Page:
With the Leeds troubadour’s smoky wisp vocal and watery acoustic guitar, it’s pretty inevitable that the Nick Drake pastoral folk comparisons will be rolled out. But take time to listen carefully and closely to this introspective gem, Steady Away, a swift follow-up to last year’s debut, and what you’ll hear is more often a male equivalent of Sandy Denny.
The album featuring backing by Simeon Walker on keys, violinist Mary-Jane Walker and Alice Phelps on double bass, it opens with the shimmeringly reflective contentment of ‘Golden Days’ (“It’s our time/My river/These are our golden days”), moving to the more stately strum of ‘Please’ with its pleading to “come to my arms/And give me a second chance/Please, lend me a star/I just need a reason to fly”
Swapping piano for organ, violin adding extra colour, the pulse and skip title track’s circling guitar pattern has a heady folk blues feel of the early John Martyn, while, perhaps touching on early McTell, the fingerpicked Romantics poetic ‘Curse’ deals with relationship angst (“How am I supposed to speak/When ruled by a silver tongue/And tears upon my cheek… I beg/Curse be kind/When all sense is lost/To a tainted mind”).
A more uptempo, choppier ‘May You Never’ percussive rhythms carries ‘Silence’, again rummaging round among the anxieties of words unsaid (“The cuts of silence/Are coloured deep and blue/It’s a stabbing feeling/And it strikes you in the heart/A cruel temptation/That leads you in the dark”) and a call to “Tell me something/What’s really on your mind”.
Walker on Wurlitzer, ‘Rolling Wave’ is one of the most striking Dennyesque tracks with a musical texture and mood that mirror ‘Who Knows Where The Time Goes’ with its wish for certainty where he contemplates “If I knew the setting sun/Would soon return from where she begun …If I knew the crawling mist/Would bring the dawn with a gentle kiss” but without adding the anticipated corollary.
‘Wish’ is a sprightly fingerpicked shift that once more looks for reassurance and certainty (“Yearning for a breeze/To guide you to me/You know I wouldn’t ask for more”), here with a hint of early McTell ragtime, stripping back to just guitar and Rhodes for ‘Tawny’, a song about being transfixed by the sound of an owl within the woods (“I heard the call/And it came to me/From the howl/Of a restless tree”).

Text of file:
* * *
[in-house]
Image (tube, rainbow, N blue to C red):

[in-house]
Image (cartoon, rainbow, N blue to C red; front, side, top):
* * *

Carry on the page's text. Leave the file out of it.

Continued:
The final three tracks are just Brain, the first the self-descriptively titled ‘Instrumental’, a showcase for his acclaimed fretwork, followed by the melodically nimble, airy ‘Weeping Willow’ where Jansch meets Donovan in a paean to nature and the seasons (“you’re golden all around/While summer’s here/And you’re turning golden brown/With autumn creeping near…don’t bow your head/When the cold has come around/Now your roots have spread”) that also serves as a metaphor on growing older.
It ends again steeped in nature imagery of landscapes and birds with ‘Now Westlin Winds’, the circular fingerpicked pattern set to an autumnal backdrop where “the moorcock springs/On whirring wings/Amongst the blooming heather… The partridge loves the fruitful fells/The plover loves the mountains/The woodcock haunts the lonely dells”) but counterpointed with thoughts of it also bringing game shoots with the “slaughtering guns”, a clash of “the savage and the tender” that extends to a meditation on “tyrannic man’s dominion” embodied in “The sportsman’s joy the murdering cry/The fluttering gory opinion” before coming over all Keats and Wordsworth in a final verse of tenderness and tranquillity as he sings “We’ll gently walk and sweetly talk/As the silent moon shines clearly/I’ll clasp your waist and fondly press/And swear I love you dearly/Non vernal showers for the budding flowers/How dear can be as though to me/My fair and lovely charmer”.
Rooted in the folk tradition and channelling his influences with exquisite style, Steady Away ably cements Brain’s status among the finest names on the contemporary scene.
Artist’s website: www.chrisbrainmusic.com
‘Please’ – official video:
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